The Press, Political Process, and Boredom

I’ve said for a little while that the worst thing radical politics can do for itself is be fucking boring (for an example see Subterranean Fire by Sharon Smith by my heroes at Haymarket Books).

I want to use boredom as a pivot point to discuss the role that the press takes in modern political dialogue. This is grounded in my experiences in the direct action campaigns at the Port of Olympia and my summer working as the press coordinator for the Poor People’s Economic Human Rights Campaign. Actually, it is more grounded in watching and reading news reports on those actions (and similar ones surrounding the flailing economy).

Shit is boring. 

It’s definitely not boring.

More than render a false picture of what happens on the ground journalists regularly delete action and emotion from their reportage. Its news as your 8th grade history class.

What is starting to frustrate me now is the way the left hangs on every little word of the week’s and days events, commenting on every new development in Obama’s transition staff, every piece of data on the economic crisis. Perhaps its just me and my little view from the internet, but it seems like much of the american radical community rather than formulating larger critiques and strategies to move us forward, is endlessly gnawing all the juice out of each of these bits, AS IF WE TRUST THESE FUCKERS IN THE FIRST PLACE.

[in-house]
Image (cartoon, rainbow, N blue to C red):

The utter banality of day to day critique of the ruling class sure as hell keeps a lot of bloggers busy, and writers paid, but does not do much to move us. As such I would like to see America radical journalism radically reconfigured and put to a truly productive use.

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